Annie Finch – Interview


Annie Finch
An interview with Annie Finch

American poet Annie Finch is the author of more than twenty books of poetry, plays, translation, literary essays, textbooks and anthologies. Finch has been celebrated as “a major poet” (Charles Altieri) and “an American orginal” (Ron Siliman), one who “occupies a unique place in American poetry” (Molly Peacock). Finch’s poetry collections include Eve, Calendars, Among the Goddesses, and most recently Spells: New and Selected Poems (Wesleyan University Press, 2013).

Finch’s work has been honored with the Sarasvati Award and the Robert Fitzgerald Award. Her poems have appeared in Kenyon Review, Agni, Field, Hudson Review, Harvard Review, Prairie Schooner, Poetry, American Scholar, Yale Review, Partisan Review, and Paris Review and in anthologies including The Norton Anthology of World Poetry and The Penguin Book of Twentieth-Century American Poetry. Her creative collaborations have been produced at Carnegie Hall, the Spoleto Festival, and New York’s Metropolitan Museum of Art, and her translation of the Complete Poems of Louise Labe was honored by the Society for the Study of Early Modern Women. Her books of poetics include Villanelles, The Ghost of Meter, The Body of Poetry, and A Poet’s Craft: A Comprehensive Guide to Making and Sharing Your Poetry.


Harlequin: We’d like to start by asking you about spells. How has the form of traditional spells influenced your understanding of poetry, and is your interest in them purely poetical? To what extent has their magical and mystical associations shaped your view of poetry, and of the world?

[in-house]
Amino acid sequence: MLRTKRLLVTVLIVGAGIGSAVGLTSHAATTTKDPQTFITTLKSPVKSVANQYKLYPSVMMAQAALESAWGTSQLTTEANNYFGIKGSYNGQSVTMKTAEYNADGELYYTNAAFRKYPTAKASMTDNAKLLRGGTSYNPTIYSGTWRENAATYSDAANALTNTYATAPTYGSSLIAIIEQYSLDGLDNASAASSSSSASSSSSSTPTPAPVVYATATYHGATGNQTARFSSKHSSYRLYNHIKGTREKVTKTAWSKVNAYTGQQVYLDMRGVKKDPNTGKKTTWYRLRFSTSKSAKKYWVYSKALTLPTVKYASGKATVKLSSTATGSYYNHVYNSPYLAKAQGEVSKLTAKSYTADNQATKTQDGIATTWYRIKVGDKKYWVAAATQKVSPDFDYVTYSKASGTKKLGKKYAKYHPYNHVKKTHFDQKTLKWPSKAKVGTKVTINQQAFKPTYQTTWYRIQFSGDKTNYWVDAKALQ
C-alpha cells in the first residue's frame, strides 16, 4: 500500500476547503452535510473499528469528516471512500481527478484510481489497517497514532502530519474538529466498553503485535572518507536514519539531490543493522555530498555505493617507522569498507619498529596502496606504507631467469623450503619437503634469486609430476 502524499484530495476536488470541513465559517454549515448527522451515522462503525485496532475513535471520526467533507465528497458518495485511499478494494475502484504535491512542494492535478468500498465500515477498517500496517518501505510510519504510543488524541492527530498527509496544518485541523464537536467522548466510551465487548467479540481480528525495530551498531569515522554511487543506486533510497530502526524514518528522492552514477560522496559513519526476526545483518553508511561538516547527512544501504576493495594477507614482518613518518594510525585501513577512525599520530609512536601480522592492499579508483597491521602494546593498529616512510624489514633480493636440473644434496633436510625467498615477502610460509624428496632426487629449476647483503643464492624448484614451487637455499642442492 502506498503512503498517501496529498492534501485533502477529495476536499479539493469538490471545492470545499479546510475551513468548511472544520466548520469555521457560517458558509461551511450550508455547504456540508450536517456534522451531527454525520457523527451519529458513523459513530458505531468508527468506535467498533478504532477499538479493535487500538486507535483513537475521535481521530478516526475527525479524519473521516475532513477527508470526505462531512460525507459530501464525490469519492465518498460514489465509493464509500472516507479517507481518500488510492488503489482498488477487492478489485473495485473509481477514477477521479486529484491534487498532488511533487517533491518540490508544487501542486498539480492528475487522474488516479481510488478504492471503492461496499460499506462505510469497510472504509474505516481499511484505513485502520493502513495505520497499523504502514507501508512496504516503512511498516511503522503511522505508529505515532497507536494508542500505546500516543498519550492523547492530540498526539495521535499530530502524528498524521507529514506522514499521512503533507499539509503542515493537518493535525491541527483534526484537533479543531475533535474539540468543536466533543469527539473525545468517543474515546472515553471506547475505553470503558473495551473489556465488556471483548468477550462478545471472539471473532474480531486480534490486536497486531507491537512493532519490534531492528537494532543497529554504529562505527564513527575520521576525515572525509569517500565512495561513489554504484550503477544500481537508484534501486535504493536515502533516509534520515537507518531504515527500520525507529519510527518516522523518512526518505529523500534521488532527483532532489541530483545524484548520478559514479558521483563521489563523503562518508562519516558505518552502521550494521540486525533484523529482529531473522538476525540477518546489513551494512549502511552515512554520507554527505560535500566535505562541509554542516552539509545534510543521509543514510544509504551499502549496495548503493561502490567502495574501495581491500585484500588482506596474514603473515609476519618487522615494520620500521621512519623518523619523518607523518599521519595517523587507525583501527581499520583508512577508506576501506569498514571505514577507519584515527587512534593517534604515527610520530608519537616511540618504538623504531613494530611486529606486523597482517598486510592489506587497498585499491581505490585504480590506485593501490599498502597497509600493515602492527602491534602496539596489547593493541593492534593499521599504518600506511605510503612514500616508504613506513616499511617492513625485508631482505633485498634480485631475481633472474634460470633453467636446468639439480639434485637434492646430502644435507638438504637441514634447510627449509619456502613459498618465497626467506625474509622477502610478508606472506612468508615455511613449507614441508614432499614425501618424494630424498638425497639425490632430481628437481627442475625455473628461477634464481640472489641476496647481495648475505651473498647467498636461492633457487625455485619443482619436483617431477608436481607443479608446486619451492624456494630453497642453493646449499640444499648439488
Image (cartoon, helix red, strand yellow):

Annie Finch: My experience of poetry since the beginning has been magical, and my interest in spells is a natural extension of that. Poetry is at root a ceremonial art, and the forms of poetry are never forms alone, but ways of invoking power that is greater than the power of words: the power of magic.

H: That ceremonial aspect has always, I think, made your readers more aware of poetry’s oral tradition. With that in mind has your relationship with the physical page changed over time, and is blank space on a page before you sit down to write now more accurately described as a silence?

AF: Yes, my relationship with the physical page has changed a lot. I wrote the earliest poems in Spells, such as “The August Porch” and the title poem “Spells,” on a manual typewriter. While even then, the first stirrings of a poem would usually arrive via a voice in my head, I wrote in free verse and retyped obsessively for the sake of the linebreaks. It was the poem on the page, typewriter keys dug into onionskin on a white field, that carried the strongest poetic charge. The most recent poems in Spells, mostly in falling meters, were composed by an entirely different process, often composed away from the page entirely, line after line arising in my mind like waves.

H: You use repetition to great effect in your poetry, repeating words, lines, entire stanzas within some poems. The effect this can have is mysterious at times; Marjorie Perloff once described a Yeats repetition as “locking in meaning” by way of the technique. What is your sense of how repetition works in poetry, and could you perhaps share one of your favourite examples?